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House to vote on bill to restrict off-reservation gaming

Update Wednesday: The bill is on the schedule for this morning. C-SPAN is streaming the House session online.

A major vote is being called tomorrow on a bill that would restrict the ability of tribes to acquire land for casinos.

Rep. Richard Pombo (R-California) announced on Monday that H.R.4893 will be up for debate. Dubbed the Restricting Indian Gaming to Homelands of Tribes (RIGHT) Act, the measure blocks certain off-reservation casino proposals and tightens the criteria for others.

Pombo, the chairman of the House Resources Committee, said the changes are needed to close a "loophole" in the Indian Gaming Regulatory Act. He said tries are building casinos in areas not intended when Congress passed the law back in 1988.

"This law has been manipulated to create reservations in areas of economic opportunity instead of providing economic opportunities for tribes on their reservations," he said yesterday.

Pombo is considered an ally to Indian Country but most tribes fighting his proposal. They say it will hurt the $23 billion Indian gaming industry, which has provided revenues, jobs and economic opportunities to reservations and surrounding communities.

Their complaints include the elimination of the two-part determination and land claim provisions of IGRA. In the past 17 years, only four tribes have been able to open casinos away from their reservations under these exceptions in Section 20.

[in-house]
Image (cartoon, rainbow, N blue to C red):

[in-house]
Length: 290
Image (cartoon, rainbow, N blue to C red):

The National Indian Gaming Association also says the bill puts unfair burdens on landless, restored and newly recognized tribes who haven't been able to enjoy the benefits of gaming due to their status. "Before they can use their lands, these tribes would have to jump through many new hoops: the Secretary of the Interior, the State Governor, and local governments must all agree before they can even open a bingo hall," NIGA said.

Finally, tribes object to provisions that subject them to the powers of local governments. Pombo's bill requires tribes to negotiate agreements to pay for the effects of their casinos on communities.

Democrats are likely to tout many of these concerns during the debate tomorrow. Although Pombo cast his measure as bipartisan, several prominent Democrats -- including Reps. Dale Kildee of Michigan, Frank Pallone of New Jersey and Tom Udall of New Mexico -- voted against it during a committee vote.

One Republican, Rep. Rick Renzi of Arizona, also voted no during the July 26 vote. The Navajo Nation, whose reservation he represents, opposes the bill.

With the House controlled by Republicans, the bill is likely to see passage. But chances for Senate passage are extremely slim, given a rival measure sponsored by Sen. John McCain (R-Arizona), the chairman of the Senate Indian Affairs Committee.

A dozen senators have placed holds on McCain's bill. Some of them say it goes too far while others say it doesn't go far enough to clamp down on the spread of casinos.

Pombo's bill would face the same challenges were it to be considered in the Senate. But his bill is limited in scope to land-into-trust issues whereas McCain's bill addresses regulation, funding and other gaming issues.

The National Congress of American Indians and NIGA are backing efforts by the Interior Department to rewrite the land-into-trust rules. The proposal would not make major changes to the way gaming applications are handled at the Bureau of Indian Affairs.

Since IGRA's passage in 1988, it has never been amended in a significant way. Efforts in recent years have stalled amid competing state, tribal and federal interests.

Pombo IGRA Bill:
H.R.4893 [As Passed by Committee] | H.R.4893 [As Introduced] | MP3: House Resources Committee Debate | Substitute | Explanation

McCain IGRA Bill:
S.2078 | Senate Indian Affairs Committee Report

National Indian Gaming Association Resolutions:
Section 20 | IGRA Amendments

Relevant Links:
National Indian Gaming Commission -
National Indian Gaming Association -